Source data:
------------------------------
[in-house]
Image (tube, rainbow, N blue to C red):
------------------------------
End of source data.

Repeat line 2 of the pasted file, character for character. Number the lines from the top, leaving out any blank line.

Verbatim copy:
Image (tube, rainbow, N blue to C red):